Get full access to Outside Learn, our online education hub featuring in-depth fitness, nutrition, and adventure courses and more than 2,000 instructional videos when you sign up for Outside+ Sign up for Outside+ today.
A federal judge on Monday reinstated Endangered Species Act protections for grizzlies in the area around Yellowstone National Park, forcing Wyoming and Idaho to cancel plans for a brown bear hunt this fall.
U.S. District Court Judge Dana Christensen said that the U.S. Fish and Wildlife Service had acted “arbitrarily and capriciously” in stripping the Greater Yellowstone Ecosystem’s grizzly bear population of protections last year, and that the agency had not considered the impact of the delisting on other grizzly populations.
The ruling is the latest salvo in a legal back and forth that has seen Greater Yellowstone’s grizzlies delisted and then relisted again in 10 years. It scraps what would have been the first grizzly season in Wyoming or Idaho in more than four decades. Wyoming was set to allow hunters to take up to 22 of the region’s 700 bears, while Idaho planned to issue a single tag.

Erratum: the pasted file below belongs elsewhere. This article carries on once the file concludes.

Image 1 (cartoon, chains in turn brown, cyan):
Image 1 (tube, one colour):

In a press release, Wyoming Governor Matt Mead criticized Christensen’s decision, calling the grizzly’s recovery “a conservation success story.”
“Biologists correctly determined grizzly bears no longer needed ESA protections,” Mead said. “The decision to return grizzly bears to the list of threatened and endangered species is further evidence that the ESA is not working as its drafters intended.”
In response to Monday’s ruling, Wyoming representative Liz Cheney introduced a bill seeking to legislatively delist grizzlies. The state could also choose to appeal the decision.
Besides environmental organizations like the Center for Biological Diversity, the plaintiffs in the case included nine American Indian groups who argued that grizzlies hold special religious significance and that the groups were not consulted prior to the delisting.
In a statement, Lawrence Killsback, president of the Northern Cheyenne Nation, said that his tribe views the grizzly “as a relative entitled to our respect and protection from harm.”
“We have a responsibility to speak for the bears, who cannot speak for themselves, Killsback said. “Today we celebrate this victory and will continue to advocate on behalf of the Yellowstone grizzly bears until the population is recovered, including within the Tribe’s ancestral homeland in Montana and other states.”